‘He’s a rock star’: Meet second patient ever to undergo landmark stem cell procedure for spina bifida — while still in womb

DAVIS, Calif. — Spina bifida affects 1,500 to 2,000 children per year in the United States, and when mom-to-be Michelle Johnson found out her baby would be born with the condition, she feared the worst. Amazingly, at 25 weeks gestation, the Oregon resident was able to undergo a landmark, life-changing fetal surgery and stem cell procedure that had only been performed once before.

Johnson received the devastating news of her baby’s spina bifida diagnosis 20 weeks into her pregnancy. Before this, her and her partner happily looked ahead to their future with a child of their own after both having one from previous partners. They quickly had to shift their mindset and begin preparing for a life where their child requires reliance on wheelchairs, crutches, and ramps.

“We had no clue of what the fate of that diagnosis would mean for our child. But we did know that no matter what happened, we loved this baby and we would do whatever it took to give our baby the best outcome,” Johnson said.

Their course of action upon diagnosis was scheduling fetal surgery to repair the neural tube defect. As this process was getting underway, Johnson got word about the world’s first FDA-approved human clinical trial, called the “CuRe Trial: Cellular Therapy for In Utero Repair of Myelomeningocele.” Funded by the California Institute for Regenerative Medicine, this trial entails using stem cells before birth as means to treat spina bifida.

She applied knowing that it would come with incredible mental and circumstantial sacrifice, especially with having to uproot themselves to Sacramento for the rest of her pregnancy.

After several screenings and interviews, she was overjoyed to discover that she was accepted as the second patient to ever be enrolled. Conducted by a 40 person team, she had the fetal surgery and stem cell procedure done by placing the stem cells directly on the fetal spinal cord using a patch to correct the defect. The fetus responded well, which everyone was incredibly grateful for.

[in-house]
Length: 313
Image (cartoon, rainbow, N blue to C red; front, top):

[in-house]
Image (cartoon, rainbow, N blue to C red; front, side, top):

“Placement of the fetal patch went off without a hitch and mother and fetus did great!” says Diana Farmer, the world’s first woman fetal surgeon, professor and chair of surgery at UC Davis Health and principal investigator behind the procedure.

At 36 weeks, Johnson had a C-section delivery. After eagerly waiting to know the gender, the couple was pleasantly surprised to discover that they had a baby boy. Their son Tobi Maginnis was born at a healthy 7 pounds and 13 ounces, with no fluid buildup in the brain nor grave medical intervention needed. As part of the clinical trial, he will continue to be followed for the next 30 months so the team can assess long-term safety and efficacy.

“He’s eating well and smiling a lot. He’s doing really well. He’s just a rock star,” said Johnson, a week after his birth. “I am so thankful to be part of this journey to find a cure for spina bifida for Tobi and for so many others. They are advancing medicine at UC Davis Health and Tobi is proof of that.”

Jeff, Michelle and Tobi at Tobi's 3-month appointment
Jeff, Michelle and Tobi at Tobi’s 3-month appointment. (Credit: UC Davis)

Watch below this four-part series, “Searching For A Spina Bifida Cure” from UC Davis Health, which highlights the incredible work by Dr. Farmer and her team.

 

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